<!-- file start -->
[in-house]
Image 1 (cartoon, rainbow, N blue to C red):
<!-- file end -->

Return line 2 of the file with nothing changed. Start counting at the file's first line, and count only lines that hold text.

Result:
Image 1 (cartoon, rainbow, N blue to C red):